EXCLUSION CRITERIA: 
*Other abnormal neurological signs (especially dystonia).
*Presence of known causes of enhanced physiologic tremor.  
*Historical or clinical evidence of psychogenic tremor.  
*Convincing evidence of sudden onset or step-wise deterioration.  
*Isolated voice, tongue, chin, leg tremor.
*Isolated position- or task-specific tremor.
Electromyography or accelerometry Assess tremor frequency, rhythmicity, and amplitude.
*Differentiate between ET and PK: a tremor frequency below 5.5 Hz suggests PD; a tremor frequency above 6 Hz suggests ET.
*When orthostatic tremor is suspected EMG is needed to confirm the diagnosis - typical high-frequency (13–18 Hz) EMG pattern appearing after a short period of standing.
Electromyography or accelerometry
Assess tremor frequency, rhythmicity, and amplitude.
*Differentiate between ET and PK: a tremor frequency below 5.5 Hz suggests PD; a tremor frequency above 6 Hz suggests ET.
*When orthostatic tremor is suspected EMG is needed to confirm the diagnosis - typical high-frequency (13–18 Hz) EMG pattern appearing after a short period of standing.
Lab test: Standard electrolyte panel, R/o metabolic disturbances (most common: hypoglycemia) Lab test: Standard electrolyte panel,
R/o metabolic disturbances (most common: hypoglycemia)
Lab test: Thyroid function tests Recommended in patients with an action tremor.
R/o thyroid diseases (most common: hyperthyroidism)
Lab test: Thyroid function tests
Recommended in patients with an action tremor.
R/o thyroid diseases (most common: hyperthyroidism)
Lab test: Serum ceruloplasmin Considered in patients with an unexplained tremor and under 55 years of age. R/o Wilson disease Lab test: Serum ceruloplasmin
Considered in patients with an unexplained tremor and under 55 years of age. R/o Wilson disease
MRI of the head Indicated if the tremor has an acute onset or a stepwise progression.
Also for exclusion of inflammatory (including multiple sclerosis) and structural lesions and Wilson disease.
MRI of the head
Indicated if the tremor has an acute onset or a stepwise progression.
Also for exclusion of inflammatory (including multiple sclerosis) and structural lesions and Wilson disease.
Single-photon emission CT (SPECT) scanning using ioflupain 123 I (DaTSCAN) to rule out parkinsonism. Single-photon emission CT (SPECT) scanning using ioflupain 123 I (DaTSCAN)
to rule out parkinsonism.
Screen for drugs of abuse and alcohol consuption Alcohol overuse and withdrawal can cause tremor. Conversely, small amounts of alcohol can temporarily relieve essential tremor and hence can be a clue to the diagnosis. Screen for drugs of abuse and alcohol consuption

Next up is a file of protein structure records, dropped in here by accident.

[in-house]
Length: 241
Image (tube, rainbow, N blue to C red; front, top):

Alcohol overuse and withdrawal can cause tremor. Conversely, small amounts of alcohol can temporarily relieve essential tremor and hence can be a clue to the diagnosis.

Investigations - Management

Fact Explanation
Adjusting of medication doses may be needed over time. Because essential tremor is a slowly progressive disorder there may be lose of benefit and adverse reactions on long term use. Adjusting of medication doses may be needed over time.
Because essential tremor is a slowly progressive disorder there may be lose of benefit and adverse reactions on long term use.
Follow-up with family members. During follow-ups of the patient, since essential tremor is familial it is appropriate to make family members aware of it and examine them as well when suspected of an ET. Follow-up with family members.
During follow-ups of the patient, since essential tremor is familial it is appropriate to make family members aware of it and examine them as well when suspected of an ET.

Management - Supportive

Fact Explanation
Avoid caffeine and smoking To prevent induction of tremors. Avoid caffeine and smoking
To prevent induction of tremors.
Get enough sleep Tremors disappear during sleep. Get enough sleep
Tremors disappear during sleep.
Alcohol (30ml) 1-2 drinks. Drinking should not be recommended as a treatment for non-alcoholics but this can be used an alternative for intermittent tremor control in those who consume alcohol. Alcohol (30ml)
1-2 drinks. Drinking should not be recommended as a treatment for non-alcoholics but this can be used an alternative for intermittent tremor control in those who consume alcohol.
Use of larger utensil handles or wrist weights Helps in coping with kinetic tremor of the hands Use of larger utensil handles or wrist weights